The Faculty of Political Science in Romania – Its Beginnings and Political Science Students
The coat of arms of the University of Bucharest

Europe enjoys a wide range of students from different regions who are representing the future of all countries, of all of us. European universities are the places where they are formed as future European citizens, and the faculty of Political Science at the University of Bucharest is a brilliant example of how education can help build a connection between us, the young European students, where we can share our experiences and ideas with others, and work together to build a common future and a common identity. In this article, Adriana Giurca discusses the beginnings of the Faculty of Political Science at the University of Bucharest and the far reaching impact this institution has had on its students through its emphasis on a European and multicultural education. By opening up a variety of career paths for its graduates, the faculty has helped strengthen democratic institutions in Romania, and has enabled Romanian graduates promote their ideas and values in European and international institutions.

The University of Bucharest is one of the oldest and most prestigious institutions of higher education in Romania. Within the University of Bucharest, the Faculty of Political Science and its affiliated Institute of Political Research are a pole of excellence in the study of politics and international affairs. If it now has over 1,000 students and 44 teachers who can conduct courses in Romanian, English and French, at its beginning in 1991, when it was created, the Faculty of Political Sciences had only a teaching language, French. In 1994/1995 the Romanian education department was born, and two years later, the political science department in English. By studying political science, all interested people are able to understand the world they live in, its complexity and diversity. In addition, political science courses provide an insight into social and political systems, public policy and political processes for organisations, attitudes and political behavior. Those who want to study at graduate level will enjoy the intellectual consolidation that allows citizens to become critical thanks to the acquired knowledge in various fields: political sociology, political economy, political communication and political history.

What is more the Faculty of Political Science places a great deal of emphasis on study and research, which is organised as follows: political theory, national politics, comparative politics and international relations. In addition, the closing or transfer of several research organisations in the early 1990s has built another aspect that gives uniqueness to the Faculty of Political Science: this is one of the only faculties in Romania that can provide continuous learning programmes in several languages: Romanian, English and French. In addition, another element of innovation is the path that the faculty offers to a young student: bachelor, master and doctorate classes. This continuity is a privilege that makes the Faculty of Political Sciences the first of its kind in Romania, which takes young people on a full path to political science.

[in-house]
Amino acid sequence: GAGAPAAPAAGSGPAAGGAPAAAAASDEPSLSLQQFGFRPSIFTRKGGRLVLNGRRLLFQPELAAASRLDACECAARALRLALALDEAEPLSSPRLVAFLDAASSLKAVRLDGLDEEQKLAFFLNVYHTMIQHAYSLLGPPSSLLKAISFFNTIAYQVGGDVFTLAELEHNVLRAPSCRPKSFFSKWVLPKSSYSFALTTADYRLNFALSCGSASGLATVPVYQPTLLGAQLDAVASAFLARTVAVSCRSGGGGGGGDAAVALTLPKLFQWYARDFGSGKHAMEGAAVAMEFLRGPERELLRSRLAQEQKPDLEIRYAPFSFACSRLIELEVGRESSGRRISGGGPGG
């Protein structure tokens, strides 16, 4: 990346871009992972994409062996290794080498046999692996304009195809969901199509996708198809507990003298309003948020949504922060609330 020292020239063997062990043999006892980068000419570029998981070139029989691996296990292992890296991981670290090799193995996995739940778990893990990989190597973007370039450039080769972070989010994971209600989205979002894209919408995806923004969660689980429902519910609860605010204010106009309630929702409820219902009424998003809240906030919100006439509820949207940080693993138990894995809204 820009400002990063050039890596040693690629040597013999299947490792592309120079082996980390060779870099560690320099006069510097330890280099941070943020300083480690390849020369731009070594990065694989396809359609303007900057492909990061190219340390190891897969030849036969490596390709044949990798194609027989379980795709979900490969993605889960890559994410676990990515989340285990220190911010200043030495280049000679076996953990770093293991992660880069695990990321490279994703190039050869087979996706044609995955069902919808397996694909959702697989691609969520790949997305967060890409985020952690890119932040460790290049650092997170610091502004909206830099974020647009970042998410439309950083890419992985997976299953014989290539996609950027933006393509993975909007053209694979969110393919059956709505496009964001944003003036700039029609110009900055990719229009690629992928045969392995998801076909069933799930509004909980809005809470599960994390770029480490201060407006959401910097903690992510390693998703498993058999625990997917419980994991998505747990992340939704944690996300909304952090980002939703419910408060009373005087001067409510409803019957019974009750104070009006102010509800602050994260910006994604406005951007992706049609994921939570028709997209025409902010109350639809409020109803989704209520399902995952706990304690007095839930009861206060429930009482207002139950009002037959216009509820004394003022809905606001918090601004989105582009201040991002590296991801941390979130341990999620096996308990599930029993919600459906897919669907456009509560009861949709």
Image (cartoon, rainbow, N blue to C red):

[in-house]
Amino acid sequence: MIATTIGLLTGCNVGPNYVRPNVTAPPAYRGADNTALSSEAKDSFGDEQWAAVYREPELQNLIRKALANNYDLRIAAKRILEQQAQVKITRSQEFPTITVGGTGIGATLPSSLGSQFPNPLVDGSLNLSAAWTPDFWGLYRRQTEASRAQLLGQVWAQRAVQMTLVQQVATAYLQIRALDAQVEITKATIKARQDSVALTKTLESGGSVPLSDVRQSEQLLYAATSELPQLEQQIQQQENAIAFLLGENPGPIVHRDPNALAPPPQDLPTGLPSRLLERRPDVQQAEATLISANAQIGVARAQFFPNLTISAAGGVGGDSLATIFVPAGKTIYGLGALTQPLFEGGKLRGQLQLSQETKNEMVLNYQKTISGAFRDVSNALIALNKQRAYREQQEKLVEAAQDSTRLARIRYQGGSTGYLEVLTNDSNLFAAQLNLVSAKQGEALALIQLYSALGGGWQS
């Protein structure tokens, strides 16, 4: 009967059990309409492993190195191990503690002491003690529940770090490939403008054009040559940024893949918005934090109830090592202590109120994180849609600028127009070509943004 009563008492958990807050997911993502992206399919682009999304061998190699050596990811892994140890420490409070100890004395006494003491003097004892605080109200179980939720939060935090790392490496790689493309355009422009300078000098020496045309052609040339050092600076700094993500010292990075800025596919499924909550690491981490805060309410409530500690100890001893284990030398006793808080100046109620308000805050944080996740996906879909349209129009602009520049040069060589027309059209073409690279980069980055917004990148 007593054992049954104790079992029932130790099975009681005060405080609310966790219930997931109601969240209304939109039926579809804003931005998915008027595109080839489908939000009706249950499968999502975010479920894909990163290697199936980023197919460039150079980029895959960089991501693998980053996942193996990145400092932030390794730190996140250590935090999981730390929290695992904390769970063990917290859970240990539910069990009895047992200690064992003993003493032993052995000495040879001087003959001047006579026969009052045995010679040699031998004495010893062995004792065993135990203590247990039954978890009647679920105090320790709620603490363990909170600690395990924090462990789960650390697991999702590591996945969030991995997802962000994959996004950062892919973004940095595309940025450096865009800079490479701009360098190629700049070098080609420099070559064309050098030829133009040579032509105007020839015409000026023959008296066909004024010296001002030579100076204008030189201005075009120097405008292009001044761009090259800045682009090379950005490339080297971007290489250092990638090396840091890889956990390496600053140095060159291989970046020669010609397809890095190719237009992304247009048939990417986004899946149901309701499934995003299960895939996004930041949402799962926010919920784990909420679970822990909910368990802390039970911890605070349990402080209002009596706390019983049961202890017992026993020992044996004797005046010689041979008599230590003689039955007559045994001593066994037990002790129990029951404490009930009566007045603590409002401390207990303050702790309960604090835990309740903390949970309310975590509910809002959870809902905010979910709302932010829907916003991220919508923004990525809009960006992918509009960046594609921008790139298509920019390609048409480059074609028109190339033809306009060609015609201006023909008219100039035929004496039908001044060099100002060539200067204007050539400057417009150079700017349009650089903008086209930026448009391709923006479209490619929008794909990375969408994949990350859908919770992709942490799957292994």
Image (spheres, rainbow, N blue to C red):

The Faculty of Political Sciences offers its students career guidance, which is rather rare for faculties in Romania. In the first years of Romania’s transition from communism to democracy, the most important starting points for the new regime as a modern society were private property, education and information[1]. This approach helps students wishing to export academic results and those who want to know the career opportunities they might have once they graduated[2]. Besides the advantages mentioned above, we can say that the Faculty of Political Sciences stands out among other universities through the recognition of all study programs that have been declared and certified nationally and internationally through the participation in many experiences of students, such as ERASMUS. Thus, we can say that students are nationally recognised for the quality of learning and knowledge accumulation abroad, in countries where they choose to take a course of a semester or two. The Education Act of the early 1990s was later adopted and the status of teachers was still difficult[3]. Even though we cannot speak of a faculty which deals strictly with political science today, the Faculty of Political Science is the engine of development that has formed around the faculty and enjoys many projects implemented or currently underway. Among them, it is worth noting the research centre Fundamenta Politica, the programme ProRISE, and also the publications of the Faculty of Political Science: Bucharest University Annals, and Studia Politica, the Romanian Political Science Review.